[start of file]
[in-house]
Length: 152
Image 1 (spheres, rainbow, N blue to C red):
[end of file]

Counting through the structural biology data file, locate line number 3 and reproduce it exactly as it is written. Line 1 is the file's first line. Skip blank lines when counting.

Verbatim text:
Image 1 (spheres, rainbow, N blue to C red):